• Secure Global Markets by understanding what the world needs, where they need it, and delivering it.

Pembina is structured into three Divisions: Pipelines Division, Facilities Division and Marketing & New Ventures Division.

Pembina’s common shares trade on the Toronto and New York stock exchanges under PPL and PBA, respectively. For more information, visit

About Breakfast Club of Canada

Breakfast Club of Canada is a non-profit organization that provides funding, equipment, training and support to school breakfast programs across the country. We are dedicated to making sure every child starts their day with a meal, helping them thrive at school, and in their community. Founded in Quebec in 1994, Breakfast Club of Canada began to fund and support school breakfast programs nationwide in 2005.


RCMP: National Indigenous Peoples Day – Read about some of our projects and initiatives

The RCMP has a proud history of more than 140 years of service to First Nations, Métis and Inuit communities. Today, we work in more than 600 Indigenous communities across Canada. Read about some of our activities and initiatives.

An Eagle Staff to honour and acknowledge First Nations people in Canada
Staff Sgt. Jeff Poulette constructed this sacred Indigenous symbol for the RCMP.

Maskwacis Intervention – Collaborative Approach Reduces Gang Violence
Violent crime and school absenteeism was a big problem on some Alberta reserves – until they employed a unique solution.

Survival Skills – Outdoor camps bridge gap between youth, police
Outdoor programs in B.C. are helping Indigenous youth learn new skills, and bond with local police.

Contest Inspires Northern Youth to get creative
When the RCMP in the Northwest Territories needed a new Aboriginal policing ensign, they reached out to local students to try their hand.

New Blanket Exercise on Indigenous History moves RCMP Cadets
A “Blanket Exercise” on Indigenous history has been added to the mandatory training for all RCMP Cadets.

Eagle Feather flies into Nova Scotia Detachments
Instead of a bible, Indigenous people can now use an eagle feather to swear legal oaths in RCMP detachments and courts.

Local officers, staff and youth complete Pulling Together Canoe Journey
RCMP members from Surrey, B.C. took part to help build relationships with Indigenous communities.

Indigenous Youth Return from RCMP National Youth Leadership Workshop
This Workshop, held since 2011, teaches leadership skills to Indigenous high school students.

NHL Star, RCMP Score with Anti-Violence Ad
NHL player Jordin Tootoo teamed up with the RCMP on a video to prevent violence against Indigenous women and girls.


Celebrating a Canadian first: The Indigenous Peoples Atlas of Canada –

The Honourable Mélanie Joly, Minister of Canadian Heritage, Nellie Kusugak, Commissioner of Nunavut, leaders representing First Nations, Inuit and the Métis Nation, Indigenous artists, and John Geiger, CEO of The Royal Canadian Geographical Society, kicked off celebrations for the launch of Canadian Geographic’s long-awaited Indigenous Peoples Atlas of Canada.

This was a Canada 150 project funded by the Government of Canada and for the Honourable Mélanie Joly, the Atlas will make a positive contribution to Canada’s educational landscape. “For years to come the Indigenous Peoples Atlas of Canada will help build capacity for open discussion, empathy and mutual respect, as well as act as a powerful educational tool to help facilitate the renewal of Canada’s relationship with First Nations, Inuit and the Métis Nation,” said the Honourable Mélanie Joly, Minister of Canadian Heritage. “There is no relationship more important to our government than the one with Indigenous Peoples, and we are proud to have contributed to this important initiative.”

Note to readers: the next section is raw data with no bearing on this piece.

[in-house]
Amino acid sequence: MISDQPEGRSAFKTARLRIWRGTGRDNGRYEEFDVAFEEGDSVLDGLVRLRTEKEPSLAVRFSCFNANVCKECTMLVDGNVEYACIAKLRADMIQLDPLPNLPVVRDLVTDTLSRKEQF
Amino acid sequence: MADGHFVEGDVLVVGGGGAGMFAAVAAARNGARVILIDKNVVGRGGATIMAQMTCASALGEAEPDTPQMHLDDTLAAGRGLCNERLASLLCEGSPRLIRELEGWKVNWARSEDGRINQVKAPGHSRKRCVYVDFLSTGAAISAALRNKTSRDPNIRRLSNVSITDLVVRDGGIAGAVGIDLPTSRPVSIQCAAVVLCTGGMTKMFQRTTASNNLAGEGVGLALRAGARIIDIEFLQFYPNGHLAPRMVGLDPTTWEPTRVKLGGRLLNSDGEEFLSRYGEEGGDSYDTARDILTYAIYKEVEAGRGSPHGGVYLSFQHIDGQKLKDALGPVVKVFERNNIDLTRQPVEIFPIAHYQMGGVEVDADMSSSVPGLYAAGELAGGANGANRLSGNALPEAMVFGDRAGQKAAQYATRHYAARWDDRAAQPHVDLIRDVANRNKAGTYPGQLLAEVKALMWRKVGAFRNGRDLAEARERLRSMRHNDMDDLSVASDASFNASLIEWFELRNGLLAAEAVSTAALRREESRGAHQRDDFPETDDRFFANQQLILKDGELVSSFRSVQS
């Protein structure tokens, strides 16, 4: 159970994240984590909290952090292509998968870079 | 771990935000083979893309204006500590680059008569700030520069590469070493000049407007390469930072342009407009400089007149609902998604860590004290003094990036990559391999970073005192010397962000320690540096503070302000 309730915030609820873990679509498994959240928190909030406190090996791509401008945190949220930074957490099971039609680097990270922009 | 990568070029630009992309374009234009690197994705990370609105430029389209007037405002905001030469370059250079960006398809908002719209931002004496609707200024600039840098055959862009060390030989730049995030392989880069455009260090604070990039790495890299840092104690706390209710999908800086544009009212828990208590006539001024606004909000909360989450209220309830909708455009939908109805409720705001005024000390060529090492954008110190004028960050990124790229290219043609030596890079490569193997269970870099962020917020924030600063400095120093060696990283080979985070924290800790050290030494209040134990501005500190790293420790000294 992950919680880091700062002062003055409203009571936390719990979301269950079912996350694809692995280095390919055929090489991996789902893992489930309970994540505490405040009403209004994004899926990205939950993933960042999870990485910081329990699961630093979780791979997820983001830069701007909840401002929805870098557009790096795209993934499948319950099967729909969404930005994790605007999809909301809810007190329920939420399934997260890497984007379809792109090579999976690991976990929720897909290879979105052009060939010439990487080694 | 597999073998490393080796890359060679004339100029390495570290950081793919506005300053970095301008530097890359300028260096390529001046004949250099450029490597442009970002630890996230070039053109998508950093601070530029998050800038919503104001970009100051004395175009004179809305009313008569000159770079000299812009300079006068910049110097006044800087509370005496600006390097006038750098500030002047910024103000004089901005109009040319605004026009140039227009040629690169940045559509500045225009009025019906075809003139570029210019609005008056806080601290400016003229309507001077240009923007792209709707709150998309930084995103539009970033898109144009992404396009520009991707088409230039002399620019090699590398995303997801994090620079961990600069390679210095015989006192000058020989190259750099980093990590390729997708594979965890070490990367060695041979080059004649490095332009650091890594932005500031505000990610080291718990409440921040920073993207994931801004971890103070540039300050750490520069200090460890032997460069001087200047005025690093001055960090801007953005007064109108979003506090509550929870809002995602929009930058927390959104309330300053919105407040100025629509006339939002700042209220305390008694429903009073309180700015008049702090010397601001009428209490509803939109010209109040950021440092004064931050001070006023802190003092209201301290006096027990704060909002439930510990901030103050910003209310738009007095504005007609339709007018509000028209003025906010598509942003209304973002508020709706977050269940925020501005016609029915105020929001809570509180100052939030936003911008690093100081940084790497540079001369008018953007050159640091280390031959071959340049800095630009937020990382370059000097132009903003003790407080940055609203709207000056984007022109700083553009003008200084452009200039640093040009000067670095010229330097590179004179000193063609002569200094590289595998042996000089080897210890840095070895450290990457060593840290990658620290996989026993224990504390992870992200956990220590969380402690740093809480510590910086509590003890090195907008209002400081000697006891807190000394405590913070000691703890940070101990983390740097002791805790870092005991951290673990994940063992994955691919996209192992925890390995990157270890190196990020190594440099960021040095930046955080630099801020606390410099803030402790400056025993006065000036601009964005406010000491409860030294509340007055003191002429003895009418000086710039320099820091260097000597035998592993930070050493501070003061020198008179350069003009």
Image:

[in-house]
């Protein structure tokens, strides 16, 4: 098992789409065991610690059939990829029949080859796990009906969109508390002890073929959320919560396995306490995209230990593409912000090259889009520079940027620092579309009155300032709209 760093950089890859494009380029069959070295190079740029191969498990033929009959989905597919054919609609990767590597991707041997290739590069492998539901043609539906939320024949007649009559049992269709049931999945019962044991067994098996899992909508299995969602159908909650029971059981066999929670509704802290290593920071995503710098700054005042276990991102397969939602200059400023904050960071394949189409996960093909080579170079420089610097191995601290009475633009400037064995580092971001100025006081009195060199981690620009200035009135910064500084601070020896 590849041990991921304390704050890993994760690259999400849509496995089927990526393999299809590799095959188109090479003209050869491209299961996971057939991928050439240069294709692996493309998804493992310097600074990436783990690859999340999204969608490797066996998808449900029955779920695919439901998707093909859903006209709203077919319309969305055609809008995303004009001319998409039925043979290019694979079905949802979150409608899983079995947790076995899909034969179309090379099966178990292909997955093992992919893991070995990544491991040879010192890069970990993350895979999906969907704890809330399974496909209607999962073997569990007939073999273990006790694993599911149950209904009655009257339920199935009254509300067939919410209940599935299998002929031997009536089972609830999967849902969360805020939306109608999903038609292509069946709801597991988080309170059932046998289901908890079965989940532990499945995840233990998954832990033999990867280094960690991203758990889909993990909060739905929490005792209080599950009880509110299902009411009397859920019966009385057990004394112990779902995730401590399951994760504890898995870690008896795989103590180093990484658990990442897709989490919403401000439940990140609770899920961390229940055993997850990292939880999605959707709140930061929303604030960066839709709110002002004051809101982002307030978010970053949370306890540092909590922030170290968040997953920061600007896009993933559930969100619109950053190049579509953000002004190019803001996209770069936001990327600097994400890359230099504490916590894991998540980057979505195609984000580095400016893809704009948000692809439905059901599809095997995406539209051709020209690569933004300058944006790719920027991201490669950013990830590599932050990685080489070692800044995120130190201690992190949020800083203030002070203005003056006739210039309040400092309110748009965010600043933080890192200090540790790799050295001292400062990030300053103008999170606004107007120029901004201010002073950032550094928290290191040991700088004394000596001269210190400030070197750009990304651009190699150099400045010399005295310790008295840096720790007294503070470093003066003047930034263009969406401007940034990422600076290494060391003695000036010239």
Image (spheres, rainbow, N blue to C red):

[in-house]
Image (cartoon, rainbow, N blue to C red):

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Housing gaps in Métis communities to be addressed – MyMcMurray Portal

Jun 22, 2018

The McMurray Métis and Wood Buffalo Housing (WBH) signed a Memorandum of Understanding this week.

The new agreement will help address housing issues in Métis communities in the region.

President and CEO of WBH Henry Hunter said in a statement that affordable housing is a major concern for our region.

The groups will work together to find a long-term sustainable solutions through a housing needs assessment.

Once gaps in program and service delivery are identified, the issues will be brought to the municipality, province and other groups associated with safe and affordable housing for the Métis community.

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BMO Celebrating Women: BMO Recognizes Outstanding Women in Edmonton Through National Program

EDMONTONJune 19, 2018  – Four women were honoured last night at the annual BMO Celebrating Women event in Edmonton for their remarkable contribution to business and the community in one of three categories: Innovation and Global Growth; Community and Charitable Giving; and Expansion and Growth in Small Business.

The program recognizes female leaders in local communities as part of BMO’s commitment to drive the advancement of women.

The following honourees were recognized:

  • Innovation & Global Growth: Lori Pecorilli
    Ms. Pecorilli is the president and co-founder of Latium Group of Companies, a fleet management company offering end-to-end transportation and mobile assets technology solutions.Growing up in resource-rich Alberta, Ms. Pecorilli noticed there was a gap in the industry in regards to managing vast amounts of company vehicles and assets. In 1996, Ms. Pecorilli and her husband, Tony, created Latium Consulting – a new approach to fleet management and consulting that reduced costs around repair and maintenance for vehicles.